Comcast, Dell and Kryptonite Locks are brands changed forever by the groundswell—a social trend in which people use technologies to get what they need from each other rather than from traditional sources. B-to-b marketers see these examples and think, “The groundswell is a consumer phenomenon; it doesn't happen in business.”
If you thought this, you would be wrong.
Recently, Forrester Research surveyed business buyers to learn about their social activity. Just as we survey consumers, Forrester used the same methods to review business buyers' behavior—in this case, more than 1,200 technology buyers in the U.S., Canada, France, Germany and the U.K. with 100 employees or more in seven major industries.
But here we asked not just how people participate in online social activity but whether they use Web 2.0 technologies to make buying decisions. The results may surprise many business marketers. Here are some highlights:
? 69% are “Spectators”—they read blogs, watch user-generated videos and participate in other social media for business purposes.
? 37% are “Critics”—they contribute comments or react to content they see in social formats. This is the next most common behavior after reading and watching.
? 29% are “Collectors”—they use social technology to collect information and stay on top of trends.
? 29% join social networks (“Joiners”).
? Only 5% are nonparticipants (“Inactives”).
However, buyers who use social technology don't rate it highly in terms of its influence on their buying decisions, despite the fact that they count on peers' opinions to make decisions. This reflects the emerging state of social media as a key input in buying decisions.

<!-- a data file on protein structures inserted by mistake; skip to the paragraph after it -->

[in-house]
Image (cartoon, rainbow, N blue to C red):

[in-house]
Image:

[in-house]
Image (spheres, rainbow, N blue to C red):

If you're a b-to-b marketer and you're not using social technologies in your marketing, now is the time to start. Because many blogs, communities and other social outreach from firms that sell to business are less than mature, it is a perfect way to stand out. To get started:
1) Understand your audience first. Social programs fail because they start with the technology. Social media represents a fundamental change to how marketing communicates with buyers. Unlike e-mail and Web syndication, social activity is not simply another communication outlet because buyers, not companies, control it.
2) Integrate social applications into other marketing. Don't create a separate social media function; social activity needs to be intrinsic to all customer communication.
3) Learn how to sell social media internally. Tap the knowledge of peer companies that have achieved real business value with social media. You can gather this insight through articles, webinars and networking events.
Laura Ramos is VP-senior analyst at Forrester Research. She can be reached at firstname.lastname@example.org.